Every time your heart beats, it undergoes contraction (known as systole) and relaxation (also called diastole).
One round of these two is one heartbeat, and it happens in approximately 0.8 seconds.
In this fraction of a second many things happen:

1. Atrial Systole: The left and right atrium (1a & 1b) become smaller as they contract. This allows the blood to fall through the AV valves and into the ventricles (2a & 2b).

2. Ventricular Systole: The sides of the ventricles contract inward, pushing the blood out of the ventricles through the valves and up into the arteries- the aorta on the left side and the pulmonary artery on the right.

3. Diastole: The heart relaxes, allowing for blood to reenter it in order to complete the cycle all over again.

Where does the famous lub-dub noise come from then?

Lub: AV valves that separate the atria from the ventricles exist to prevent blood from flowing back into the atria, so when the ventricles contract, these must close. The noise these make when they close is recognised as “lub”.

Dub: After blood has been pushed out of the heart, the valves at the opening of the main arteries must close so that blood doesn’t fall back into the heart. The sound these make as they close is described as “dub”.

So next time your heart interrupts your attempts to fall asleep, take a second to thank it too for its hard work.

-teresa-

Counting sheep

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I’ve recently noticed that as I settle into my bed and get ready to drift off to sleep, I no longer count sheep.
Instead, I have caught myself counting ideas and questions- listing the things that I hope to understand better.
Some quite trivial, some quite deep; I revisit these concepts over and over in search for answers or some insight into why I think about them or what they mean.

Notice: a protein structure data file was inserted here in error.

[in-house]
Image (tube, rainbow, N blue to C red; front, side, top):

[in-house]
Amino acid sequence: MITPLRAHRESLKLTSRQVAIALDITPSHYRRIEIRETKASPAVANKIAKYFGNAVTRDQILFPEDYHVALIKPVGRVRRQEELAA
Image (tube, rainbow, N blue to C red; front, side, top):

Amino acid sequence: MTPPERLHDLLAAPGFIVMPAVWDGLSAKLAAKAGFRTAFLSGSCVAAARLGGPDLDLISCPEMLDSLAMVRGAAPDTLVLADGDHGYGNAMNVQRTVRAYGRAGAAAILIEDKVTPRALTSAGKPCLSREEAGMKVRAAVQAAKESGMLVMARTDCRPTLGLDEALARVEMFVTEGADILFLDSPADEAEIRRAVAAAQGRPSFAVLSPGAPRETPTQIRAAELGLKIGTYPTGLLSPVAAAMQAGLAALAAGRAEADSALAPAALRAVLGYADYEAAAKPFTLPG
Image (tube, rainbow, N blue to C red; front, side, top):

Hoping to get some quality rest at night, I will attempt to resolve these ideas in my posts these coming weeks.
Here is an introduction to the things that keep me up at night and eventually send me to sleep:

1. What is that Lub-dub sound?: As I try to fall asleep at night, I can hear my heart pumping and it makes me wonder about the little quirks that maintain me alive. This involuntary beat is one of the many things that my body does to keep me alive and maintain my mind working. But isn’t my mind a part of my body too? That leads me to my next question-

2. Where is my mind?: I don’t mean that I’m very distracted (although I am) I literally mean: where is my mind located? Where do these thoughts take place? Is consciousness physical or is it just a metaphorical way of grouping our cognitive abilities?

3. Why is this place so messy?: Now, I’ve always been absolutely disorganised and messy. So when recently in a chemistry lesson I learnt that disorder is the natural state of the universe, I was delighted. Of course it turned out to be that it wasn’t a good way to excuse the messy area I live and work in, but entropy did turn out to be an interesting concept which still makes me wonder late at night…

4. If I stay up another 15 minutes, how will my life change?: Well for one I may be more tired in the morning, but that doesn’t seem like a huge impact on my life. However, learning about chaos theory has changed my perception of small things and the possibility of them having huge impacts.

5. What’s the difference between 15 minutes and 30 for that matter?: Yes, I know there is a difference between them and I can tell that one lasts longer than the other, but the concept of time is a strange one. How did it originate? what does it mean?

The list could continue for miles, but these are the questions that I have had in my mind long enough to mature and that I feel most ready to seek answers to. This way, I’ll have more space for different questions to arise and keep me awake at night…

Or maybe I’ll finally be able to get some sleep.

-teresa-